So far, much of the practical instructions I read about paleo lifestyle was related to the human body - what to eat and what not to eat, how to exercise, rest and sleep to achieve best gene expression and health.
I wonder, if similar paleo knowledge is being compiled regarding the human mind - what it should and should not "eat" (read, watch), how to exercise it, etc. Any resources about this subject?
Oooh! Love this question! I don't know if anyone other than gone2croatan (just saw her answer, lol) and the Exuberant Animal guy is focusing on this in a "Paleo" context, but the whole field of evolutionary psychology is looking at exactly this issue. Although you should be forewarned: It's a field fraught with problems, both political (its critics seem worried that it's a cover for eugenics/racism) and actual (there are some weaknesses in its models, such as its "modular mind" assumption).
One of my favorite researchers is Ellen Dissanayake, who asks the very important question, "What is Art For?" She recognizes the centrality of artistic expression in all human societies, and wants to know why we do this stuff.
As an artist, I think about this question all the time. By looking through an evolutionary lens, I've gradually come to see my own drive to make beautiful objects as a fundamental expression of my humanity, rather than a silly and frivolous distraction from the much more important business of clocking into a cubicle job every day and transferring abstract sums of invisible wealth around between other people and myself (paying bills, in other words).
As part of my own "Paleo" journey (I rarely think of it that way, but in this case, it's the appropriate framing), I have come to consciously relish a great many things besides food, sunshine, and exercise. Friendship, family, music, dance, and making are all vital components of a healthy human life. And I think this is true for everyone, not just people who consider themselves "artists" or "musicians." Just as we all need to move our bodies, even those of us who aren't athletes, these other parts of us crave to be used and fulfilled, too.
That's kind of what I'm hoping to do with my blog, which is very nascent and semi-infrequently updated. I talk some about meditation and philosophy and mental health practices. Link in my profile.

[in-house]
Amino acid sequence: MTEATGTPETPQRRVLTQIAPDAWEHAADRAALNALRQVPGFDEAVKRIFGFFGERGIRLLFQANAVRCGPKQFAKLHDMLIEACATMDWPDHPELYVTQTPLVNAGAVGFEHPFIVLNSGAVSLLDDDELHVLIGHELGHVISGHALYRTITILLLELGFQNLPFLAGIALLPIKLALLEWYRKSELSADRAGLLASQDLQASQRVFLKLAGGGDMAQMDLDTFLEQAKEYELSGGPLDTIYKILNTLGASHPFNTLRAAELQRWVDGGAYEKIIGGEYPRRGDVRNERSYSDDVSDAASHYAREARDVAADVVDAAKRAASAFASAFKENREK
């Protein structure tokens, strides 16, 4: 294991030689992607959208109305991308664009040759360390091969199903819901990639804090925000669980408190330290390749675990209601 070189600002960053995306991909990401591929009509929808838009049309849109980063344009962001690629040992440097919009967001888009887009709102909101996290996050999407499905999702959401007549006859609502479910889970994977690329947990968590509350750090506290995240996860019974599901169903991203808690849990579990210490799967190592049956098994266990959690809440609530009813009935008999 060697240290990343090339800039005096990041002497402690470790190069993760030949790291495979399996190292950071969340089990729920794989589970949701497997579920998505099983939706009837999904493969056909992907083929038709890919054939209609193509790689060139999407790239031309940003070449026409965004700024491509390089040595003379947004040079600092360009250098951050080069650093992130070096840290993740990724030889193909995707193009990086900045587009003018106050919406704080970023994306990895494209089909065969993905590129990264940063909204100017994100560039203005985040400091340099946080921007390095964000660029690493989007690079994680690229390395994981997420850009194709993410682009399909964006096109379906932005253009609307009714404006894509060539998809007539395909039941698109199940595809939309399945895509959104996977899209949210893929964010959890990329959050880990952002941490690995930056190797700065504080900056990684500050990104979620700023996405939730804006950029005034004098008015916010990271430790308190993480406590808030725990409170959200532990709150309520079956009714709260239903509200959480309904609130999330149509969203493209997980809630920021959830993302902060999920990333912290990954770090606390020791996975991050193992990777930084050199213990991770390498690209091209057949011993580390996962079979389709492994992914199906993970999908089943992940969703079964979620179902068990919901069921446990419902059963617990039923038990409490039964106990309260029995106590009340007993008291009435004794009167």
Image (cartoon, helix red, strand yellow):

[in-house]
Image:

Nothing in my art history book prepared me for Lascaux, and I won't spoil it for anyone. I'll just say that the rooms I live in have steadily been filling up with big bright images of things I like. Posters by Moscoso, Ferracci, Guy Noel, and Wes Wilson randomly fill my blank walls.
This is an interesting question, even if we will never arrive at any consensus. It's not exactly like eating or exercising, which amounts to simulating our ancestral ways. We're just far too removed from the environmental pressures that dictated our thinking, customs and ways of life. Necessarily, art and the human imagination arose from such pressures, which do not dictate our current, post-modern existence.
Try reading "Them and Us: How Neanderthal Predation Created Modern Humans", http://www.themandus.org/ The author (Danny Vendramini) argues that early human art and the human imagination arose from "Neanderthal predation". Not only did the Neanderthals hunt modern humans, they ate and raped us, literally. As evidence, the author cites the widespread Neanderthal practice of cannibalism and their genetic contribution (through rapes and mayhem) as seen in our genomes (for those of non-African ancestry). The fear of being ambushed by the "dark bogeyman" stems archetypally from this predation, according to Vendramini.
How did this shape art? Well, let's take the author's claim that a "bottleneck" in human evolution occurred because of this predation by the Neanderthals, our natural enemy and "apex predator" of the era. Being prey to such predation and persecution "quickened our fancy", so to speak, giving rise to cooperation, organization, language, guile, deception, betrayals, and other qualities on the part of the early humans. Such qualities, which include intellectual development and artistic sensibilities, enabled us to eventually vanquish the Neanderthals, who were superior to us in brute strength.
That's the author's argument, not mine. It seems improbable to me but I do agree with the author that environmental pressures shaped not just our physiology but our thinking and sensibilities. For example, the arctic environment favored a squatty frame with short limbs to preserve heat (the Inuits). It also gave rise to songs and instruments (made from hollow reindeer and whale bones), wailing about the dangers of hunting animals and freezing conditions. The harsh environment favored sticky, nomadic clans over lonewolves. For the Paleolithic man, the environmental pressures were manifold. But the most pressing were those related to immediate survival: i.e., food scarcities and warfare, whether tribal or interhominid, if you believe in the theory of Neanderthal predation.
The only slant I've encountered on this and been attracted to is the idea or hormesis. Todd Becker's site http://gettingstronger.org/the-author/
is pretty good and there are some other blogs/chats.
The idea of hormesis has to do practicing short periods of stress (environmental pressures) in order to improve something...like intermittent fasting for example. It can be applied to a lot of things...like getting rid of glasses/contacts and cold exposure for weight loss/health.
Anyway, I think it's fascinating and I'll be looking into integrating it more as I continue to paleo-ize myself.
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